Publisher: The Sager Group LLC (13 Dec. 2020)
Paperback: 430 pages
Genre: Historical Fiction
Meeting Mozart: A Novel Drawn From the Secret Diaries of Lorenzo Da Ponte is a deftly plotted and richly detailed historical novel that spans generations and involves Mozart, mysteries, masquerades, opera, and spies. It brings to light the incredible life story of Mozart’s librettist, Lorenzo Da Ponte, the Jewish-born priest who created The Marriage of Figaro, Don Giovanni, and Cosi Fan Tutte. According to one reviewer, Meeting Mozart is “the musical equivalent of The Da Vinci Code.”
The BookViral Review:
‘Meeting Mozart’ by Howard Jay Smith, the author also of ‘Beethoven in Love; Opus 139’, is an astonishing and compelling piece of extended creative writing. It is a work where exquisitely researched historical fact meets a compelling fictional narrative through two centuries and covering the Europe of the eighteenth century cities of Venice, Vienna and Prague to the New World and the young city of New York and a deli. It is a remarkable creation of a world in a seamless narrative covering two centuries and two continents.
Lorenzo da Ponti, a Jew, hides his identity and emerges as a lapsed Catholic Priest, friend and confidante of many; the notorious Casanova among them. Quick witted, a gambler, poet and womaniser, he discovers the expression of his true genius through his collaboration with that giant of eighteenth century music, Wolfgang Amadeus Mozart. Da Ponti blends his discovered unique talent as a librettist with the Maestro himself to create some of the world’s outstanding works of musical creation.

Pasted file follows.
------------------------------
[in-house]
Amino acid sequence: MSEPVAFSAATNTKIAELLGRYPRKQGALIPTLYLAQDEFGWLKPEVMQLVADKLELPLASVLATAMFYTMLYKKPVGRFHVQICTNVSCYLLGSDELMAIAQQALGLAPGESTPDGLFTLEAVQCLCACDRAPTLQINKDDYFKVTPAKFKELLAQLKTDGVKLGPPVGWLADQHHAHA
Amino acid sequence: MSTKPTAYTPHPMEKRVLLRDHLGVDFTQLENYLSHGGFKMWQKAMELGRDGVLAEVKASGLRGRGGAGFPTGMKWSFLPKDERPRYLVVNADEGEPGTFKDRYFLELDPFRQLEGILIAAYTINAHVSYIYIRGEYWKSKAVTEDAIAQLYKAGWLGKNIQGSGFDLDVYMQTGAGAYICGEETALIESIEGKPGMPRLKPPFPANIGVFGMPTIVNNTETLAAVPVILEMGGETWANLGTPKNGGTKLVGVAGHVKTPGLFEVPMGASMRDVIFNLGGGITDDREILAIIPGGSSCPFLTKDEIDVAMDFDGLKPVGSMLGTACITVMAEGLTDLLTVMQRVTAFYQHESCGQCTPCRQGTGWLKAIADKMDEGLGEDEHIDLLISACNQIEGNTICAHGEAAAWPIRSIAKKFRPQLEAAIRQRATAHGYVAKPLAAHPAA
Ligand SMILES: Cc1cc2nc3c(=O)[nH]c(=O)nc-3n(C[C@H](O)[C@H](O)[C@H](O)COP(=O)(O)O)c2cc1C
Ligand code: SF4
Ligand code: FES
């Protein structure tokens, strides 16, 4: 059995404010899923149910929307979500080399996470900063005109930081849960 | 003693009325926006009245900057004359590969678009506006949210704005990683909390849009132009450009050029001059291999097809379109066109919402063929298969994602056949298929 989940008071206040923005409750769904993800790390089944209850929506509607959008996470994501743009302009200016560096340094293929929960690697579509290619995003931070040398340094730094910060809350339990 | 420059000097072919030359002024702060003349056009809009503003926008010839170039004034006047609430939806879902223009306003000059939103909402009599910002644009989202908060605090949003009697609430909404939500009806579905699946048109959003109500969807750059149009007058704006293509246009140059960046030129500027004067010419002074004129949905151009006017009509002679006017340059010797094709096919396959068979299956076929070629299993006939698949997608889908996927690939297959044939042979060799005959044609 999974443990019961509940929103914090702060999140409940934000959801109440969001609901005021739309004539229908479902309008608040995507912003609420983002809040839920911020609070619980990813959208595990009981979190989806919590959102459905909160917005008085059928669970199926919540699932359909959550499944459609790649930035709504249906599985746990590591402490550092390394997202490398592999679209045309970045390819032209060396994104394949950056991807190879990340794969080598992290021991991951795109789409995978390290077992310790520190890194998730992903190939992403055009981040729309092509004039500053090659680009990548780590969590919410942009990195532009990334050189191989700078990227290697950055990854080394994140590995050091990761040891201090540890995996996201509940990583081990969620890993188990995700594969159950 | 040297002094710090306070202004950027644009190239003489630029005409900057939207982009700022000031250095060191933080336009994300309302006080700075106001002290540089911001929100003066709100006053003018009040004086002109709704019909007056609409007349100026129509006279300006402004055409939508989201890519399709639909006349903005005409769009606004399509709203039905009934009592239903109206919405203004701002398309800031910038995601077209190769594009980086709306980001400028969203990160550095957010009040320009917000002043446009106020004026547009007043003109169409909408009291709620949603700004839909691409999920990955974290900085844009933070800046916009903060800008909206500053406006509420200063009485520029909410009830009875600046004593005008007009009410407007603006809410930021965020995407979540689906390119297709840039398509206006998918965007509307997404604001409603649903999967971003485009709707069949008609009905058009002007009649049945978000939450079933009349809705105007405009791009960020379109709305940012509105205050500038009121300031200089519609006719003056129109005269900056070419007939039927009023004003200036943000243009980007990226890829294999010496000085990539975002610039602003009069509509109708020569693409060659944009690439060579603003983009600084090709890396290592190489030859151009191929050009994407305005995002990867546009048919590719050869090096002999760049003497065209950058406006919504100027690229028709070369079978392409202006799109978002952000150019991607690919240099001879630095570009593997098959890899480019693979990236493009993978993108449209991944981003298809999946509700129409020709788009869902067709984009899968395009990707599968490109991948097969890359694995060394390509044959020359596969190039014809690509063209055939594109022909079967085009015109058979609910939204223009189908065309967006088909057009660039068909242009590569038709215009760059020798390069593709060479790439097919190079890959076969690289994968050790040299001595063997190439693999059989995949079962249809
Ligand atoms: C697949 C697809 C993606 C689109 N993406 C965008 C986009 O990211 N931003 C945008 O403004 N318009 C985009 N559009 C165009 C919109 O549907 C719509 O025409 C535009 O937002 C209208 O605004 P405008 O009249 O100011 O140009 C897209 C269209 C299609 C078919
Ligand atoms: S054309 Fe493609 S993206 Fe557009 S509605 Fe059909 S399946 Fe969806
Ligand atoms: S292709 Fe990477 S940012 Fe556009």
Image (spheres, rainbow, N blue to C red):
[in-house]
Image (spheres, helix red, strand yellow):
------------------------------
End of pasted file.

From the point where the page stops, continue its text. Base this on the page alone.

This is, also, a gripping and enthralling tale of spycraft, intrigue and murder and of truly remarkable women; strong, vibrant, loving and utterly courageous. Lorenzo Da Ponti thus makes his way in the world and masks his identity in the profoundly anti Semitic society of the fashionable Salons and theatres and the back streets of Europe to a New York Deli, to be discovered once more by his descendants. In a mystical and seemingly genetic manner, the strand of intense love that Da Ponte feels for Zina passes the generations to his descendant Jake and his love for Dolcetta and to Ziva’s intense passion for Yael.
Howard Jay Smith’s tale is one of rich invention and character that rewards the entranced reader with so much. Intrigue, humour and historical veracity in its most most vivid form is presented in a broad and rich canvas that simply cannot fail to attract.